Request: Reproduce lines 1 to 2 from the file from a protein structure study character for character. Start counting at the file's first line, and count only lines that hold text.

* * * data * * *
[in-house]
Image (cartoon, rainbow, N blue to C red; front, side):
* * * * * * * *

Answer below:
[in-house]
Image (cartoon, rainbow, N blue to C red; front, side):